A photographer slid a wooden box across the floor, intending to elevate the camera view of two hulking football players.
"Thought that was for you," Jonah Pirsig, a 6-9, 290-pound offensive tackle, quipped to his 6-3, 280-pound counterpart, Isaac Hayes.
Strangers a year ago, Pirsig and Hayes have bonded since showing up on the same December weekend for their official recruiting visits to the University of Minnesota. Their collective size and ability, as members of Gophers coach Jerry Kill's 2012 football recruiting class, is expected to help fill out an offensive line that will be key to the program moving forward.
More importantly for Kill's rebuilding program and the future of long-maligned Gophers football, it shows talented Minnesota players staying home.
The linemen, plus Hopkins wide receiver Andre McDonald and prized quarterback Philip Nelson of Mankato West highlight the 2012 Super Preps class, the Star Tribune's annual look at the state's blue-chip college football prospects.
"From what I can remember, [former coach Tim] Brewster couldn't keep the good players in the state," Pirsig said. "And, for having all the Division I players going to the U now except two I think, that's saying something."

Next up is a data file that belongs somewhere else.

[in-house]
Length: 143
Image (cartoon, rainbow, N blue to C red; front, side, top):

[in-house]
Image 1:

Bad times part of the draw
Both Pirsig and Hayes chose to stay close to home despite strong pulls from top programs elsewhere.
Among the 10 schools that offered Hayes a scholarship were Boise State, Virginia Tech and Purdue. Pirsig had offers from eight Big Ten schools in addition to 2010 national champion Auburn.
Hayes' older brother, Anthony, was a redshirt freshman at Stanford last fall. While the Cardinal did not make Isaac an offer, it might not have mattered if it had.
"It's the hometown team and it's on the rise," Hayes said of the Gophers. "I get the opportunity to hopefully make it a better team."
The Gophers' run of lean years "was part of the draw," Hayes said. "I like a challenge."
Those close to Hayes have heard similar sentiments. Chad Abbott, offensive line coach at St. Thomas Academy, said Kill "sold [Hayes] and the others on what it could look like if Minnesota kids stayed home."